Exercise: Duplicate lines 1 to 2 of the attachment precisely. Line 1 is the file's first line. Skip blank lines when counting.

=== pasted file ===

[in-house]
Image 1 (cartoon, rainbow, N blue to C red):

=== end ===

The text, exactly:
[in-house]
Image 1 (cartoon, rainbow, N blue to C red):